SPONSORED:

Overnight Defense: Trump orders troop withdrawal from Somalia | 13th US service member dies from COVID-19 | Trump loyalists added to DOD advisory board

 Overnight Defense: Trump orders troop withdrawal from Somalia | 13th US service member dies from COVID-19 | Trump loyalists added to DOD advisory board
© MOHAMED ABDIWAHAB/AFP/Getty Images

Happy Friday and welcome to Overnight Defense. I'm Ellen Mitchell, and here's your nightly guide to the latest developments at the Pentagon, on Capitol Hill and beyond. CLICK HERE to subscribe to the newsletter.

THE TOPLINE: President TrumpDonald TrumpDemocrats, activists blast reported Trump DOJ effort to get journalists' phone records Arizona secretary of state gets security detail over death threats surrounding election audit Trump admin got phone records of WaPo reporters covering Russia probe: report MORE has ordered the Pentagon to withdraw nearly all of the 700 U.S. troops stationed in Somalia by early next year, the Defense Department announced on Friday.

Trump “has ordered the Department of Defense and the United States Africa Command to reposition the majority of personnel and assets out of Somalia by early 2021,” the Pentagon said in a statement.

What we’re doing there: For more than a decade the United States has helped quell local al Qaeda affiliate al-Shabab, and more recently the local ISIS organization. U.S. forces train and assist local security forces to fight the militant groups and also carry out airstrikes.

The move follows acting Defense Secretary Christopher Miller’s surprise visit to Somalia the day after Thanksgiving, where — among rumors of a drawdown — he assured partner forces of U.S. help in fighting the terrorist groups.

Details scarce: The Pentagon on Friday stressed that the United States “is not withdrawing or disengaging from Africa” and officials “remain committed to our African partners and enduring support through a whole-of-government approach.”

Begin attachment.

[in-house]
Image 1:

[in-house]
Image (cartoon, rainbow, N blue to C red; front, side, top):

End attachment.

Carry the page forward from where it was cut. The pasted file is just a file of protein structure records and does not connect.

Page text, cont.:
The Department of Defense did not say how many troops would leave the country or to where they would be moved, but that some forces “may be reassigned outside of East Africa.” Those remaining “will be repositioned from Somalia into neighboring countries in order to allow cross-border operations by both U.S. and partner forces to maintain pressure against violent extremist organizations operating in Somalia.”

The Wall Street Journal reported that forces would transfer to bases in Kenya and Djibouti and enter Somalia for shorter counterterrorism missions.

For context: The announcement marks Trump’s latest move to pull troops from overseas conflicts before leaving office in January.

In November he ordered 2,000 U.S. troops to be pulled from Afghanistan and 500 from Iraq by mid-January, going against the recommendations of military and national security leaders.

Against recommendations: The withdrawal from Somalia, meanwhile, goes against the plan of recently ousted Pentagon chief Mark EsperMark EsperOvernight Defense: Former Navy secretary reportedly spent .4M on travel | Ex-Pentagon chief Miller to testify on Jan. 6 Capitol attack | Austin to deliver West Point commencement speech Trump's Navy secretary spent over M on travel during pandemic: report Court declines to dismiss Amazon challenge against JEDI decision MORE, who advocated for a leaner force presence in Africa by pulling troops from more northern countries in the Sahel region.

The inspectors generals of the Defense Department, State Department and U.S. Agency for International Development had also advised against such a decision, last month warning that Somali forces are not able to resist terrorist threats within the country without the support of U.S. forces. 

THE LATEST MILITARY COVID-19 DEATH: A 33-year-old Navy reservist died of COVID-19 this week, becoming the 13th U.S. service member killed in the pandemic.

The Navy announced the sailor’s death earlier in the week, but it was first noted in the Pentagon’s online chart of COVID-19 cases connected to the department with Friday’s update.

Builder 2nd Class Nathan Huff Bishop died Tuesday at a local hospital in Canton, Ohio, the Navy said in a statement.

Bishop, an Ashland, Ohio, native who was assigned to the Navy Operational Support Center in Akron, was not in an activated status at the time of his death, according to the Navy.

“Our thoughts and prayers are with the family [and] friends,” the Navy said.

The numbers now: Bishop is the second sailor killed by the coronavirus, and the other was the military’s only active-duty death to date.